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Survey Report

Construction Marketplace Realities 2019 – Auto Liability

Insurance Consulting and Technology
N/A

March 29, 2019

Auto Liability is the most challenging casualty line. Underwriting results have been worsening. Increased loss activity is from the frequency and severity of claims.

Rate predictions

  Trend Range
Auto Liability Rate Forecast: Increase +5% to +20%


Key takeaway

Currently, Auto Liability is the most challenging casualty line. Underwriting results have been worsening. Increased loss activity is from the frequency and severity of claims.

Auto Liability remains the most challenging line in primary casualty for insureds. Underwriting results have been sharply deteriorating since 2015, without a plateau in sight. While there is indication that repeated auto rate increases year after year are having an impact on carrier profitability and rate strategy, we don’t expect underwriters to “take their foot off the gas” just yet. Combined ratios for auto are well in excess of 100 for most carriers. Increased loss activity is not just in the frequency but also severity of claims.

  • The robust economy is putting more vehicles on the road than ever before and, as we would expect, increasing the frequency of accidents. With unemployment rates categorically low, this translates into driver shortages for many firms, most notably transportation and construction firms, especially since these often require CDL certifications. As a result companies are hiring less experienced drivers, and insurers are seeing a rise in accidents.
  • More claims are being litigated, with verdict outcomes consistently in the seven- or eight-figure range. Common high value verdicts are stemming from traumatic brain injury claims (TBI), negligent entrustment/driver selection, and distracted driving. Furthermore, a rise in third-party litigation finance is encouraging the jump to file suit.
  • Insureds with historically adverse auto loss experience and a heavier fleet exposure are likely to receive even more significant rate increases than average:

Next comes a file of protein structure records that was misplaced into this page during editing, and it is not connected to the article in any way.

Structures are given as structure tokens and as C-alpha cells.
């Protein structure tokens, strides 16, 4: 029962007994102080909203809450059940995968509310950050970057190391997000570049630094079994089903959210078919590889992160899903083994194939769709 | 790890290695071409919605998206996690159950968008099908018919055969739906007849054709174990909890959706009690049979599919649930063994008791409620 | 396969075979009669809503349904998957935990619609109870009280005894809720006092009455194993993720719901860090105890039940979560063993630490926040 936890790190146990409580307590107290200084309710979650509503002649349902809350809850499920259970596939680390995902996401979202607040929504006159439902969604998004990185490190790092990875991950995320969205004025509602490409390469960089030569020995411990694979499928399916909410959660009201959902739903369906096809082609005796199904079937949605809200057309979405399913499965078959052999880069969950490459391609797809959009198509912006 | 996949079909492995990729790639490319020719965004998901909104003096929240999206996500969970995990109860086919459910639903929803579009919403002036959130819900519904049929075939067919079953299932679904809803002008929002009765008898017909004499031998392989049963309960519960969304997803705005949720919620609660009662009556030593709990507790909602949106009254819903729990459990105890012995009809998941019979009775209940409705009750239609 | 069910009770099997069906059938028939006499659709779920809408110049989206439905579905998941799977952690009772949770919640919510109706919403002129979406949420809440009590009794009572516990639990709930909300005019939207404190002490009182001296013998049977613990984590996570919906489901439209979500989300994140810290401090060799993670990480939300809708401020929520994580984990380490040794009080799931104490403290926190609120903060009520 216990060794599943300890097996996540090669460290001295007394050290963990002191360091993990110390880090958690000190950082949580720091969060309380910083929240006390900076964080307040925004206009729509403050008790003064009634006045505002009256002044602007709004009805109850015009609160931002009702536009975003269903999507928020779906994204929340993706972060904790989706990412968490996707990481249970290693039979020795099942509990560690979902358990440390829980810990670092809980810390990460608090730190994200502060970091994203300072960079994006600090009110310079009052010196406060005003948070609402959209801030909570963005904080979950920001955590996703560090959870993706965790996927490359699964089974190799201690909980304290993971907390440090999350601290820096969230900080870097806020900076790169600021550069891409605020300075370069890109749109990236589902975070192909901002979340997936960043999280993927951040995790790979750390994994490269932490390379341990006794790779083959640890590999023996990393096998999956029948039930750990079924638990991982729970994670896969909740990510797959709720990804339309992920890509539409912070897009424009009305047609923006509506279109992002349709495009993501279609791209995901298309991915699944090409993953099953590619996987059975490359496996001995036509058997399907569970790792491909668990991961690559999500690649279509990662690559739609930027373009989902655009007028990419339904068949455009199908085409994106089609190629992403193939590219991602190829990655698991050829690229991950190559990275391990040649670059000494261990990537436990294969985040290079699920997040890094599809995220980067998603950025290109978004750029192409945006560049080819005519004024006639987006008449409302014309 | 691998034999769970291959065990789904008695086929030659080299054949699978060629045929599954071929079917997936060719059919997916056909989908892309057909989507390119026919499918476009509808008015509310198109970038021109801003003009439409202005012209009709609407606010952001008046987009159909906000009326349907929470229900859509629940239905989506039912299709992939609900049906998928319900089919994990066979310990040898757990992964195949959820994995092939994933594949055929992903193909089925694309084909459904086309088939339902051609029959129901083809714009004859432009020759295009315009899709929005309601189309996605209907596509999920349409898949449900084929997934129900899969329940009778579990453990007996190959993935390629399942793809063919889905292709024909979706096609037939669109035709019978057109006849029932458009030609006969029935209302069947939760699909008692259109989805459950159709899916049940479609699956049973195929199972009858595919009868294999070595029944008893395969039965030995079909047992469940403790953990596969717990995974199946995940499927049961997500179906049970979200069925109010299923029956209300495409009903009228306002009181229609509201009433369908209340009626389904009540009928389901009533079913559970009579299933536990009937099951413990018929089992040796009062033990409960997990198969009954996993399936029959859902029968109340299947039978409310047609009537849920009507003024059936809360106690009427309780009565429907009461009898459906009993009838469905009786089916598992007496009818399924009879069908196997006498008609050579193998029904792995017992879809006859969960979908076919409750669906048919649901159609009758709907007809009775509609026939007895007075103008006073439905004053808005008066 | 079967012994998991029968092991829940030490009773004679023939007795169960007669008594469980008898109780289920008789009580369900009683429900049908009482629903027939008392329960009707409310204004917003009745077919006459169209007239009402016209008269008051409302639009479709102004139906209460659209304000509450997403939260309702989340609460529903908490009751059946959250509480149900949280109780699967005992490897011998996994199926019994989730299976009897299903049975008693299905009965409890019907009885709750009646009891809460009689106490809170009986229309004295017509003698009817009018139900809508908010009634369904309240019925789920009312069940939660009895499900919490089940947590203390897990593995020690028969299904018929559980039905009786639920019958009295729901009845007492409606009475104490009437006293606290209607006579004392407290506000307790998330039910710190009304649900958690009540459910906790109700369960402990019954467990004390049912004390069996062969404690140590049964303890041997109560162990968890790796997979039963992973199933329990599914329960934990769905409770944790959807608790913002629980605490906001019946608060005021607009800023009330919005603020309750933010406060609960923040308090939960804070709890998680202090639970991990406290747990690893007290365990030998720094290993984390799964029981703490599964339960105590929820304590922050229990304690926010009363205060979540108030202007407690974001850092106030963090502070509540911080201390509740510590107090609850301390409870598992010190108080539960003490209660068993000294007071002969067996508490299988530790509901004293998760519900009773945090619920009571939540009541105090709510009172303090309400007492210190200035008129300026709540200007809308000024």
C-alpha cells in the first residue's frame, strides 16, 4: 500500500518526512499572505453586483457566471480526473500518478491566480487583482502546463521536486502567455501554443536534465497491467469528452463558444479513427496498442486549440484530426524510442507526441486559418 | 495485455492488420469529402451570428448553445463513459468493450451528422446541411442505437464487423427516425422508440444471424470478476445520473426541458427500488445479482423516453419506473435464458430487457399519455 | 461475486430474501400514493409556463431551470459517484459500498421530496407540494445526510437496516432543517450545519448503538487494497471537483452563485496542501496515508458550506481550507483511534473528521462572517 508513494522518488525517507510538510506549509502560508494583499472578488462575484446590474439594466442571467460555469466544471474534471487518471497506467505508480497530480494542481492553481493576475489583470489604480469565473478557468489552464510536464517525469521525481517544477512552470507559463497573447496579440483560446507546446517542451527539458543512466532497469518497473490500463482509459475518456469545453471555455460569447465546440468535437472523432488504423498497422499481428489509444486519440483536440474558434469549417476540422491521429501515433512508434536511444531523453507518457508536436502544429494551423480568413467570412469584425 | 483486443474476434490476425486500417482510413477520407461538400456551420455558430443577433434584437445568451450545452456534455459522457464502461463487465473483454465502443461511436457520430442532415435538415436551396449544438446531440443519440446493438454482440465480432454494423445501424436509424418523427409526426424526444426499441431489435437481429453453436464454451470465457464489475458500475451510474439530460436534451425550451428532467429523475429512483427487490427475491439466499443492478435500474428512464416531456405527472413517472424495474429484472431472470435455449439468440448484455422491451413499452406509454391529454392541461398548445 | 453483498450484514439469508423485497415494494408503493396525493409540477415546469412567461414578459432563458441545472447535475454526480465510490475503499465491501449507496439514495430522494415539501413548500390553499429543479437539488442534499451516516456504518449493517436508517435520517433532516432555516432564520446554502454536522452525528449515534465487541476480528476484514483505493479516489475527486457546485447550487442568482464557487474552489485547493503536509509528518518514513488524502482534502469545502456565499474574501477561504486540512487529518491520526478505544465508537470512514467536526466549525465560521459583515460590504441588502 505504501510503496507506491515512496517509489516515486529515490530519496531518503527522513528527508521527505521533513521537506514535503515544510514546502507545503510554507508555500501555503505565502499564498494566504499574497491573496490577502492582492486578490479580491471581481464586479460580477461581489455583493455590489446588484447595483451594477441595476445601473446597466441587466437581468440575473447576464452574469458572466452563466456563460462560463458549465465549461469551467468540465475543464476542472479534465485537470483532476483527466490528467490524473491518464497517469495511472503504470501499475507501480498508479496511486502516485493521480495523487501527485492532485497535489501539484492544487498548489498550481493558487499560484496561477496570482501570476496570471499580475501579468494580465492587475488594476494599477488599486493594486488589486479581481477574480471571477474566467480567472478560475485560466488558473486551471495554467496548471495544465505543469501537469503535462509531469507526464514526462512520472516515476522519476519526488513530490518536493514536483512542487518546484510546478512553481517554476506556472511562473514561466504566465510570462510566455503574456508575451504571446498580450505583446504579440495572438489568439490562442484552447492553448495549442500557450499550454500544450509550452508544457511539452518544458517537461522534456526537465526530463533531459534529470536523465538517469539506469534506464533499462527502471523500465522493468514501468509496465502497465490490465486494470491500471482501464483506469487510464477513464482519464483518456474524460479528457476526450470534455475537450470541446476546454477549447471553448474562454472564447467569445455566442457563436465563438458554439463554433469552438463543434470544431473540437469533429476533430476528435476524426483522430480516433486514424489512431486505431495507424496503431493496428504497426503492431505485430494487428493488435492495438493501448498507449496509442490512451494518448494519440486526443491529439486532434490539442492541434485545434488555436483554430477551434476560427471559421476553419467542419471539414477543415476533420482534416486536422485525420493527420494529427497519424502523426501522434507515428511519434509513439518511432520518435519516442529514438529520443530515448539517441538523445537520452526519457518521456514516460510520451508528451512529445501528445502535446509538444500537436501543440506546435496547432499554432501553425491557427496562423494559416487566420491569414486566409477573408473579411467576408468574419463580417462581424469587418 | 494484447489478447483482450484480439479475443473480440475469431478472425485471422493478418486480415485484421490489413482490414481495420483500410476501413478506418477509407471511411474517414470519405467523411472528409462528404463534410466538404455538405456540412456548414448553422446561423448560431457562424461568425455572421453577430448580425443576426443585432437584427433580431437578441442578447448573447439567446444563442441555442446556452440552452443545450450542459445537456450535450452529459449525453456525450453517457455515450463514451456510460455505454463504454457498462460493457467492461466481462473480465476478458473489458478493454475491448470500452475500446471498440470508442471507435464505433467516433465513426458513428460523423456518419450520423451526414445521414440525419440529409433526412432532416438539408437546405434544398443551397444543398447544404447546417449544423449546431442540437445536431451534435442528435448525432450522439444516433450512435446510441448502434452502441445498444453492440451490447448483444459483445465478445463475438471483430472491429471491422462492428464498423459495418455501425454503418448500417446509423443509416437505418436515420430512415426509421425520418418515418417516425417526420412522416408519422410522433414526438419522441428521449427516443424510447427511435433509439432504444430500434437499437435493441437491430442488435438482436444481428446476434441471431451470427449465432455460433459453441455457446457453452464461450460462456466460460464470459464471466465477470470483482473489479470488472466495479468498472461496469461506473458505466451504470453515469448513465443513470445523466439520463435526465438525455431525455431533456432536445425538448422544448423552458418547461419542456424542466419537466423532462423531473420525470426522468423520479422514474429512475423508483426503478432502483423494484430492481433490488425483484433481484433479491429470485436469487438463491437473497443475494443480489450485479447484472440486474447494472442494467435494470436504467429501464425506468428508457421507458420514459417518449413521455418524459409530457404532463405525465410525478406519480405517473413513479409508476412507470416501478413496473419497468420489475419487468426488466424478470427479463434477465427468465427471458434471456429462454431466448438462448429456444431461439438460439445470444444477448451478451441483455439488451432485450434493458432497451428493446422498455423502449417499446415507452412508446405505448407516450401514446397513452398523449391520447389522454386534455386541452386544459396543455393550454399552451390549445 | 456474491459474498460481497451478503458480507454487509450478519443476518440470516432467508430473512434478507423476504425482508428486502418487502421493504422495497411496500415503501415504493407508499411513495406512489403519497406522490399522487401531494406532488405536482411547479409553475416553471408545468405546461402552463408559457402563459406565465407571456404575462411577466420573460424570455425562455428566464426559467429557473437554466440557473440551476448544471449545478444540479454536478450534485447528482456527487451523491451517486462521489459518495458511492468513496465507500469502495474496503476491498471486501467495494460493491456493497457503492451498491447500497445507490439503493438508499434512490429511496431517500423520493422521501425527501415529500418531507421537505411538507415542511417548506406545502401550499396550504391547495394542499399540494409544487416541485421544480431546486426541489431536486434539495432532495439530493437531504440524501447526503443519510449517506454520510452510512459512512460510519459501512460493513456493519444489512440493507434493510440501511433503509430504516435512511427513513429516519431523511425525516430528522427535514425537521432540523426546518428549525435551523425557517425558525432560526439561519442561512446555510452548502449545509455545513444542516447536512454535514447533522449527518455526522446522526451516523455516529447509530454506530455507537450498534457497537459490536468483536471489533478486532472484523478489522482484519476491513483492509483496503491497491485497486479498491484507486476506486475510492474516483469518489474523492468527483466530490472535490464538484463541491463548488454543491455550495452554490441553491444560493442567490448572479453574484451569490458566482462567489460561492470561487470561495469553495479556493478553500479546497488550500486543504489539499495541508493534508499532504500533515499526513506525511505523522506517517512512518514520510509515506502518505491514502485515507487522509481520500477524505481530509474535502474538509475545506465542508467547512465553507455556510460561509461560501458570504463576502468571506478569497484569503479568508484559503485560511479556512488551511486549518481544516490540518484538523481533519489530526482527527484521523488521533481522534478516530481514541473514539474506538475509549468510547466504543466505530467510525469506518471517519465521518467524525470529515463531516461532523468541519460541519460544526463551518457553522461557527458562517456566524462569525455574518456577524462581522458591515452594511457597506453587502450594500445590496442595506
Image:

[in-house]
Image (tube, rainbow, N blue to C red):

• Little to no loss activity and low fleet hazard — up to 5% or more
    • Moderate loss activity and moderate fleet hazard — up to 10% or more
    • Significant loss activity and high fleet hazard — up to 20% or more
  • Auto physical damage pricing is also encountering challenges. Comp/collision claims can escalate quickly due to the increased technology in vehicles — a bumper is no longer just a bumper, it’s also a sensor and camera. In addition to auto physical damage rate increases, auto physical damage deductibles for comprehensive and collision are also on the rise. For private passenger and light trucks, a $1,000 deductible may be the norm, but deductibles escalate much higher for large vehicles, $2,000 or more for heavy to $5,000 or more for extra heavy vehicles.

If performing well, carriers have been willing to reduce WC rates modestly to help offset auto rate increases. Due to the growing concern on GL, carriers are less likely to reduce GL rates to offset the auto rate increase, as done in recent years. Poor experience in other casualty lines (GL and/or WC) may exacerbate overall program pricing increases as carriers are unable to offset auto pricing increases in the other lines of business.

Disruptors on the horizon:

  • Expectations in fleet safety programs: Telematics, driver selection/training and formalized fleet safety programs are becoming a more standard expectation in the marketplace. Buyers are challenged to be more engaged and proactive than ever in managing their fleet exposures. However, a plan in writing but not in practice can be just as detrimental in a claim as no plan at all. The same can be said of telematics. If the data is being tracked but not reviewed or acted upon this could pose legal implications for a defendant. It’s critical that fleet safety initiatives are deployed thoughtfully and thoroughly.
  • Defining vehicle use: Vehicle usage data (miles driven, location, etc.) is now often required submission information. Data on vehicles “laid up” (not used for significant periods of time) or used only within the boundaries of a large construction project (limited public road use) can help mitigate concerns and costs.
  • Primary, buffer or umbrella: There has been disruption to the traditional program structure on primary auto and its attachment to the lead umbrella. Fleet size, irrespective of loss experience, has become a significant component of umbrella underwriting. Insureds with large fleet schedules may be forced to increase primary auto limits or obtain an auto buffer layer to satisfy new umbrella/excess requirements. $2M primary limits are becoming the minimum primary combined single limit (CSL) standard. Buyers who currently purchase a $1M primary CSL limit should seek a $2M primary CSL option. Large fleets (> 500 power units) may see $5M underlying limit requirements from some carriers.
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